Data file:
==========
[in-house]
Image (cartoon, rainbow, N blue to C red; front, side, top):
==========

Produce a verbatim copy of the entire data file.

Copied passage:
[in-house]
Image (cartoon, rainbow, N blue to C red; front, side, top):